Margaret Atwood, Yann Martel among Canadian writers urging Israel to halt evictions
It was decades ago, but Carmen Aguirre vividly recalls first learning of the struggles faced by many Palestinians.
“I was seven,” the Vancouver writer and actress told the Straight in a telephone interview. “I come from a family of Chilean refugees. We arrived in Canada in the early ‘70s as political refugees. And one of the strongest memories I have arriving here was of the local Palestinian community welcoming us and doing a lot of solidarity work with us.
“That’s when it became clear to me, as a small child,” Aguirre continued. “As far as I’m concerned, the Israeli state is a racist state acting against the Palestinians.”
Aguirre, who stars in the Showcase series Endgame, is among more than 90 prominent Canadian writers such as Margaret Atwood who have signed a letter that calls on Israel to permanently halt two impending eviction actions.
The first concerns a strip of the Southern Hebron Hills called Masafer Yatta, an area of the occupied West Bank where Israel has been trying to create a vacant “firing zone” since the early 1970s. About 1,000 Palestinians residents face the prospect of forced relocations.
The second initiative the writers are speaking against is the so-called “Prawer Plan”. It proposes moving Arab Bedouin populations in the Negev desert (in Israel proper) out of villages the state describes as “unrecognized” and into government-designated townships. The plan would involve the relocation of 20,000 to 70,000 people.
“The actions planned are manifestly unjust, and will gravely damage Israel’s international reputation,” the letter states.
Across the country, notable authors attached to the letter are Margaret Atwood (The Handmaid’s Tale), Michael Ondaatje (The English Patient), Rohinton Mistry (A Fine Balance), Lawrence Hill (The Book of Negros), and John Ralston Saul, who is the president of PEN International. A complete list can be viewed here.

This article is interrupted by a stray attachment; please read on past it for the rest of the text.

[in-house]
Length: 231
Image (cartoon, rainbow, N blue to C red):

Signatories from western Canada include Lorna Crozier, Patrick Lane, Hiromi Goto, Fred Wah, George Bowering, Steven Heighton, and Dr. Gabor Maté.
Another name on the letter is Yann Martel, author of the bestselling novel Life of Pi.
On the phone from Saskatoon, Martel said he felt the need to speak on these issues specifically because the Palestinians affected are especially vulnerable.
“This is a precarious population on the margins,” he explained. “And morality has no boundaries. If something is unjust in another country, it is still unjust. And I figure, if I can do something about it, why not?”
Martel said that it’s the nature of Israel’s actions as “an injustice so obvious” that caught the writers’ attention.
“Everybody in the Middle East has been there for a thousand years and right now, one group is dominating and disregarding the basic fundamental rights of these people,” he said.
Martel urged people to learn about what is happening.
“If other groups want to get involved, there’s no reason why it should be limited to writers,” he said. “If the plumbers of Canada want to rise up, that will be great too.”
The letter’s signing was organized by Canadians for Justice and Peace in the Middle East, a non-profit established in 2002. The project was inspired by a similar letter signed by 21 Israeli authors (though that document only concerns the Southern Hebron Hills firing zone).
Shimon Koffler Fogel, CEO of the Centre for Israel and Jewish Affairs, dismissed the letter as “political theatre”.
“The letter that they are signing onto doesn’t reflect either the complexity of the issue, nor does it give a balanced presentation of the debate and thought and due diligence that has gone into the proposed plan,” he said in a telephone interview. “What I do take issue with, are those who would sign onto something without really appreciating the whole situation, and weighing in in a way that really reflects uninformed and incomplete understanding of the situation.”
Joan MacNeil, a senior policy analyst at Canadians for Justice and Peace in the Middle East, countered Fogel’s criticisms, noting that the names on the letter are generally not associated with political activism.
“The vast majority of the signatories are not people who usually sign petitions,” she said. “They are people who are very careful about what they say publicly and what they do. They are not people who just sign anything.”
Aguirre maintained that Israel’s plans for the Hebron Hills fire zone and the Nejev Bedouins amount to nothing less than “ethnic cleansing”.
“It’s not about Israelis or Palestinians, it’s about justice,” she said. “Just like the apartheid movement in South Africa, it was not blacks against whites; it was oppressed people defending themselves against an oppressor.”